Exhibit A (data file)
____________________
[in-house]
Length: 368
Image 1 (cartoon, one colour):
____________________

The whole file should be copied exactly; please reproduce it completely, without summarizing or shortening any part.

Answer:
[in-house]
Length: 368
Image 1 (cartoon, one colour):